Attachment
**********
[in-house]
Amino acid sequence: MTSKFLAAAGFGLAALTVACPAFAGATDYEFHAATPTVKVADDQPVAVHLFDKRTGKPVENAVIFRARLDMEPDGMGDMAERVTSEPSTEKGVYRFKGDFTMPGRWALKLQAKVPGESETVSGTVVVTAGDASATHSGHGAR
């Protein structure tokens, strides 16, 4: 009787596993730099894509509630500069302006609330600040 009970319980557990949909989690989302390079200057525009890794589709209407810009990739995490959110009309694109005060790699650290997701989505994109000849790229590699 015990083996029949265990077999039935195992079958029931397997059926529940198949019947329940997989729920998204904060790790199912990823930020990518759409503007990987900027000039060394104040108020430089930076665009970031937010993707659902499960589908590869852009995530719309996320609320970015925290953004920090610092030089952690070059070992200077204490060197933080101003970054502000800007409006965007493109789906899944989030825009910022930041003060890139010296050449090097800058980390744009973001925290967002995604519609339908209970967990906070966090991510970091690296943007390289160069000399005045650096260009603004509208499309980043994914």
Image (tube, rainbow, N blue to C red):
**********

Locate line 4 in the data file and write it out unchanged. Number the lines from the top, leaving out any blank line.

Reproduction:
Image (tube, rainbow, N blue to C red):